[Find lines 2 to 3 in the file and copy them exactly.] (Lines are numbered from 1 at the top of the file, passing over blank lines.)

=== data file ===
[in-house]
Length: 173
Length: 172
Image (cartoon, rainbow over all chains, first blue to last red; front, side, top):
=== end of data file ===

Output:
Length: 173
Length: 172